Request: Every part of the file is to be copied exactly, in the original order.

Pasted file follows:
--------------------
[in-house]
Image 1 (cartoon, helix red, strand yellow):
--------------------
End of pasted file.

[in-house]
Image 1 (cartoon, helix red, strand yellow):